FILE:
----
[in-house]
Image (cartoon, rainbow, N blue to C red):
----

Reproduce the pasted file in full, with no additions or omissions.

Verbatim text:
[in-house]
Image (cartoon, rainbow, N blue to C red):